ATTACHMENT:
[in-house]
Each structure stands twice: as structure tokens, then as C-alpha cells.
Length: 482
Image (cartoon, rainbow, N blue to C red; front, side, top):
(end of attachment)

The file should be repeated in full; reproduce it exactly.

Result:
[in-house]
Each structure stands twice: as structure tokens, then as C-alpha cells.
Length: 482
Image (cartoon, rainbow, N blue to C red; front, side, top):